Wednesday, January 26, 2011

KUKANILOKO BIRTHING STONES, WAHIAWA, OAHU:

Kukaniloko Birthing Stones, Wahiawa, Oahu.
Photo: October 26, 2010, Peter Faris.

Located a little north of the old royal city of Wahiawa, Oahu, the Kukaniloko Birthing Stones are a vestige of the old ways, still apparently honored as indicated by the presence of offerings placed upon some of the stones. Kukaniloko was a place of great mana, and it was reportedly customary for pregnant women from the ruling families to come to the site to have their baby lying upon one of the stones in the belief that it will gain great mana from that. The stones are found in a grove of palm trees surrounded by fields of sugar cane and was once part of the Dole pineapple plantation.



Offerings on stones, Kukaniloko Birthing Stones, Wahiawa,
Oahu. Photo: October 26, 2010, Peter Faris.

According to Van James, “this is the first ancient site on Oahu to have been officially recognized, preserved, and protected, thanks to the efforts of the Daughters of Hawaii in 1925.” “The site is believed to have been established by chief Nanakaoko and his wife Kahihiokalani. The efficacy of the stones was attributed to aumakua residing in them.” (2010: 113) “In Hawaiian mythology, an ʻaumakua is a family god, often a deified ancestor. The Hawaiian plural of ʻaumakua is nā ʻaumākua, although in English the plural is usually ʻaumakuas. Nā ʻaumākua frequently manifested as animals such as sharks or owls. Nā ʻaumākua were worshipped at localities (often rocks) where they were believed to "dwell".” (Wikipedia 2010)


Engraving on top of rock. Kukaniloko Birthing Stones,
Wahiawa, Oahu.Photo: October 26, 2010, Peter Faris.
Shadows cast on the engraving on top of the rock.Kukaniloko
Birthing Stones, Wahiawa, Oahu. Van James, Ancient Sites of O’ahu:
Revised Edition, Bishop Museum Press, Honolulu, 2010, p. 114.

Few of these stones have recognizable petroglyphs although many of them seem to be shaped in ways that suggest that they have been worked. Many of them bear hollows like basins that may have been used for sacrifices or divination rituals. Others have channels in the surface like drains, and one extreme stone has a large number of rounded vertical projections around the upper rim. Although to the casual viewer’s eye there are no tool marks on these they seem too extreme to not suspect purposeful working. This stone also has the most obvious petroglyph on its upper surface, four concentric circles. With a low sun, at certain times of the year, some of the projections cast shadows across the petroglyph which has prompted suggestions that this has calendrical significance.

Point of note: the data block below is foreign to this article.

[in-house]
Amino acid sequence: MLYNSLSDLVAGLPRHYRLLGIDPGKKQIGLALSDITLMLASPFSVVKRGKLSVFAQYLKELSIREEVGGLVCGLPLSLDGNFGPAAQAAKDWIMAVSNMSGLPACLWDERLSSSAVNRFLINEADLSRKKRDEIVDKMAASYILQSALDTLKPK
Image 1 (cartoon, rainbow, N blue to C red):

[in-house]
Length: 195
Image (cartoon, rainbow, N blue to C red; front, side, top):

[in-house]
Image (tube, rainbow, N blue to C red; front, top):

Piko stone, Kukaniloko Birthing Stones, Wahiawa,
Oahu. Photo: October 26, 2010, Peter Faris.

Another stone that has obvious working is identified as a piko stone. A stone into which a number of small pits has been pecked. These were reportedly intended as repositories for the umbilical cords (piko) of children born at Kukaniloko, and Kukaniloko is identified as the piko (navel) of Oahu.

A number of lei offerings on the stones at the time of our visit testify to the continued relevance of this site to the beliefs of some people.

References:

James, Van
2010 Ancient Sites of O’ahu: Revised Edition, Bishop Museum Press, Honolulu.
http://en.wikipedia.org/wiki/Aumakua

2 comments:

  1. YOUR INFORMATION IS INCORRECT! IN YOUR 30 YEARS OF STUDIES THAT YOU DEFEND, YOU SHOULD HAVE SPOKEN WITH THE FAMILY OF THE LAND THAT PRESERVES AND PERPETUATES OUR MO`OLELO - TRADITIONAL COMPREHENSION. YOU HAVE ERRONEOUSLY LABELED THE PIKO STONE. SO FOR THE PAST FOUR YEARS PEOPLE HAVE BEEN MISLEAD TO BELIEVE YOUR INFORMATION IS TRUE AND CORRECT WHEN YOUR SOURCE IS SOMEONE ELSE WHO DID NOT BOTHER TO SEEK THE TRUTH. SUCH A SHAME THAT YOU THINK YOU CAN TELL OUR STORY. THE BOTTOM JUST DROPPED OUT OF YOUR CREDIBILITY FOR ALL THINGS YOU ATTEMPT TO DO.

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  2. so where can we get some of the True Information?

    ReplyDelete